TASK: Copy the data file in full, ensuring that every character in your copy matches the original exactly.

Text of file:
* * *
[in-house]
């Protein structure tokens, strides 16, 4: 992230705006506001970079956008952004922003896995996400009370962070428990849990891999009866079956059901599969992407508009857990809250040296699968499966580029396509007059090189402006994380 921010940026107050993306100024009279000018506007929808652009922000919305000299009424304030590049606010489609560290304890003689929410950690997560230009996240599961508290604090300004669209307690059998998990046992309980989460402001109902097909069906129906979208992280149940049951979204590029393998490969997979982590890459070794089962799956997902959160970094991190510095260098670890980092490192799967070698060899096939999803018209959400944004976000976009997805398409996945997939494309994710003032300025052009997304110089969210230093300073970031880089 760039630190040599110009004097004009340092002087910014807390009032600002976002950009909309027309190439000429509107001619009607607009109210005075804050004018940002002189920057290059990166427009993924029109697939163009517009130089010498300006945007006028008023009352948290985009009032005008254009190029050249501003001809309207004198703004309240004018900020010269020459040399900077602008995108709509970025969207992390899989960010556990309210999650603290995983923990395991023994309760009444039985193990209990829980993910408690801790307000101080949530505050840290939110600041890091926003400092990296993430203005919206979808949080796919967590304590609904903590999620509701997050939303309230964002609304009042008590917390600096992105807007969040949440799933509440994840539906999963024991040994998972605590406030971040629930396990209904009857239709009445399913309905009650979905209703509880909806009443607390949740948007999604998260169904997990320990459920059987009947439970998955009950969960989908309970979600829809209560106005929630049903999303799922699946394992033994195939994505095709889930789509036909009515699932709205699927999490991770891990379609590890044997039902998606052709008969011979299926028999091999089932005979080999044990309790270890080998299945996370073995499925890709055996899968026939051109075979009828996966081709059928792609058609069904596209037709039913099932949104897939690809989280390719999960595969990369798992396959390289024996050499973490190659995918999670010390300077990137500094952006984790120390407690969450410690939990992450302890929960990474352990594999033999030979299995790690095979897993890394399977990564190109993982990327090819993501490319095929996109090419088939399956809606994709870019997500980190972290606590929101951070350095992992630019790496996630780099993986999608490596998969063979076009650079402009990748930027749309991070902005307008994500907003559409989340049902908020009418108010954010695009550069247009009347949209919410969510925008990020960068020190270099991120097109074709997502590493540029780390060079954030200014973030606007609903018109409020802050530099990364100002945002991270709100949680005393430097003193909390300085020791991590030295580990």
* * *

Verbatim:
[in-house]
């Protein structure tokens, strides 16, 4: 992230705006506001970079956008952004922003896995996400009370962070428990849990891999009866079956059901599969992407508009857990809250040296699968499966580029396509007059090189402006994380 921010940026107050993306100024009279000018506007929808652009922000919305000299009424304030590049606010489609560290304890003689929410950690997560230009996240599961508290604090300004669209307690059998998990046992309980989460402001109902097909069906129906979208992280149940049951979204590029393998490969997979982590890459070794089962799956997902959160970094991190510095260098670890980092490192799967070698060899096939999803018209959400944004976000976009997805398409996945997939494309994710003032300025052009997304110089969210230093300073970031880089 760039630190040599110009004097004009340092002087910014807390009032600002976002950009909309027309190439000429509107001619009607607009109210005075804050004018940002002189920057290059990166427009993924029109697939163009517009130089010498300006945007006028008023009352948290985009009032005008254009190029050249501003001809309207004198703004309240004018900020010269020459040399900077602008995108709509970025969207992390899989960010556990309210999650603290995983923990395991023994309760009444039985193990209990829980993910408690801790307000101080949530505050840290939110600041890091926003400092990296993430203005919206979808949080796919967590304590609904903590999620509701997050939303309230964002609304009042008590917390600096992105807007969040949440799933509440994840539906999963024991040994998972605590406030971040629930396990209904009857239709009445399913309905009650979905209703509880909806009443607390949740948007999604998260169904997990320990459920059987009947439970998955009950969960989908309970979600829809209560106005929630049903999303799922699946394992033994195939994505095709889930789509036909009515699932709205699927999490991770891990379609590890044997039902998606052709008969011979299926028999091999089932005979080999044990309790270890080998299945996370073995499925890709055996899968026939051109075979009828996966081709059928792609058609069904596209037709039913099932949104897939690809989280390719999960595969990369798992396959390289024996050499973490190659995918999670010390300077990137500094952006984790120390407690969450410690939990992450302890929960990474352990594999033999030979299995790690095979897993890394399977990564190109993982990327090819993501490319095929996109090419088939399956809606994709870019997500980190972290606590929101951070350095992992630019790496996630780099993986999608490596998969063979076009650079402009990748930027749309991070902005307008994500907003559409989340049902908020009418108010954010695009550069247009009347949209919410969510925008990020960068020190270099991120097109074709997502590493540029780390060079954030200014973030606007609903018109409020802050530099990364100002945002991270709100949680005393430097003193909390300085020791991590030295580990």